BEIJING (Reuters) - A Chinese court rescinded on Friday a life sentence handed to man who killed a loan shark who had sexually taunted his mother, in a case that has made national headlines and ignited heated online debate.
The government has promised to redress miscarriages of justice after several high profile cases, including wrongful executions of people later proven to be not guilty.
But the case of Yu Huan, who on Friday had his life sentence cut to five years following a retrial, has also prompted debate about whether widespread public anger over the initial verdict had a bearing on the much more lenient final outcome.
Yu, from Liaocheng in Shandong province, was sentenced to life in jail in February after he used a knife to attack four of his mother’s creditors who taunted and exposed themselves to his mother while demanding a 1 million yuan ($146,000) debt be repaid in April last year, according to state media. One of the creditors died.
In demanding repayment, one of the creditors exposed his “nether regions” and “gyrated” in front of Yu’s mother while flicking cigarette butts at her and forcing her to smell Yu’s shoes, the Shandong High Court said in its judgment.
Widely referred in media as the “Dishonored Mother case”, the initial sentence evoked widespread sympathy for Yu, whose defense of his mother resonated in a country where filial piety is considered a core value.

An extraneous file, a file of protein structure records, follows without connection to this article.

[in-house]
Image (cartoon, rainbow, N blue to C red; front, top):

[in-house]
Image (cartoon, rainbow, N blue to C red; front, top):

The court said that while Yu acted in part to protect his mother, a five-year sentence was appropriate given his actions went beyond reasonable self-defense, and that he later resisted arrest when police arrived.
The verdict was a top-trending topic on the Weibo social media platform. While many users were pleased the court took into account he was protecting his mother, some felt a five-year jail term was too lenient.
“Public opinion has to an extent influenced the judiciary,” one Weibo user said.
Acknowledging the interest in the case, the court released a statement explaining how it reached its verdict.
“The media coverage of the Yu Huan case has ignited widespread attention,” it said.
“Today, the Shandong High Court handed down its verdict in accordance with the law, and while the retrial process has ended, we will continue to seriously reflect on and sum up the case.”
Reporting by Philip Wen; Editing by Robert Birsel